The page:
”Saturday’s race is tougher than last start but he is better placed with the experience around Moonee Valley,” Dale said. ”He drew the outside nine [barrier] last time, so from barrier five and being third-up he should go well.”

It was at the same Moonee Valley meeting last year that two prominent spring horses emerged through the 1500-metre race, this year called the SAJ Catercare Group.

Finishing second in the race was subsequent Turnbull Stakes winner December Draw, while unplaced was eventual Caulfield Cup runner-up Green Moon. There are a number of stayers coming through today’s race. Last year’s Ebor winner Moyenne Corniche and last season’s group 2 Herbert Power Handicap winner Shewan run first-up, while owner Lloyd Williams will start two cups hopefuls second-up in Tanby and Excluded.

This story Administrator ready to work first appeared on Nanjing Night Net.

Shark Bites

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A few of the main runners in the last race on the program at Moonee Valley today are improving gallopers potentially destined for bigger and better races. Livigno is one, and while Tokugawa and Bombalatomba may have been more flashy, this fellow has plenty of scope in a race like this. He returned some impressive figures first-up at Flemington and should really improve as he tackles stronger opposition. A strong winning chance in an open race.

SUGGESTED BET Livigno each-way.




David Hayes is enduring a lean streak in city grade races but Valedictorian may be capable of breaking the run of outs early in the spring, especially at this venue. The horse simply loves racing at Moonee Valley, and if his strong first-up run here behind Tokugawa is anything to go by, he is not far away from another win. The step up to 1500 metres suits, as does an inside barrier, and a claim for gifted apprentice Chad Schofield allows him to take a position near the speed with a weight advantage on his rivals. A legitimate each-way option at double-figure odds.

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No. 4, Albrecht

Peter Snowden’s improving colt Albrecht certainly has the talent to win this group 3 contest, but it will come down to his mental state. The colt was most impressive on debut at Canterbury when he sat off the speed on a wet track and ploughed home to victory, but he was very green and wayward next time out at that track when running into third place. Albrecht’s immaturity may hold him back, but winkers will help his focus and could spark a winning run.

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OTI group hopes to drink from spring cups

Manighar has been transformed from a seemingly one-paced stayer into a dazzling weight-for-age performer at middle distances.SIMON O’Donnell, Terry Henderson and the OTI horse-racing syndicate know exactly how Tantalus felt.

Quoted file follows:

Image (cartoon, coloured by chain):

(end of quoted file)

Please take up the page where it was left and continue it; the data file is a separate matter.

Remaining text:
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The mythical Greek figure – said to have stolen ambrosia and nectar from the gods – was condemned to thirst for eternity in the underworld, standing in a pool of water beneath a fruit tree whose fruit was always just out of grasp and with the water always receding before he could take a drink.

The OTI group members know just how heartbreaking it is to have had the vessel they cherish most snatched away at the last second: their grey gelding, Bauer, trained by Luca Cumani, was beaten by a whisker by Viewed in the 2008 Melbourne Cup.

Tantalus was never able to seek redemption. O’Donnell and Henderson can – and the pair are hoping it will come this spring. They have one of the strongest hands of any ownership group as they look to harvest the riches on offer in Melbourne over the next 10 weeks.

Already preparing for his next campaign is their import, Manighar, the revelation of the autumn, a galloper Peter Moody transformed from a seemingly one-paced stayer into a dazzling weight-for-age performer at middle distances.

Manighar, when prepared by Luca Cumani at Newmarket, finished close up in the cups, although his autumn performances over distances between 1600 metres and 2000 metres would suggest he is now capable of a Cox Plate.

While Australian punters will look to Moonee Valley and Warwick Farm for clues this weekend, the OTI members will have their eyes firmly fixed on Europe, where several other candidates who could bring them cups glory will be having their final preparatory races in the north and south of England and in France. The quartet concerned are Quest For Peace and Ibicenco, both trained by Cumani, Gatewood, from the John Gosden yard, and the John Hammond-prepared Prairie Star.

Ibicenco has been off the track since the end of May, when he ran second to Ascot Gold Cup runner-up Opinion Poll in a group 3 contest at Sandown. While Cumani is doubtful whether he is forward enough or perhaps sharp enough to match it with likely favourite Saddler’s Rock, O’Donnell is looking forward to a decent showing from the former German-trained galloper in the group 2 Lonsdale Cup over 3300 metres.